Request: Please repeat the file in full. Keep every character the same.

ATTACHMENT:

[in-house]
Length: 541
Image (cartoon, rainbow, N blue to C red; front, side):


[in-house]
Length: 541
Image (cartoon, rainbow, N blue to C red; front, side):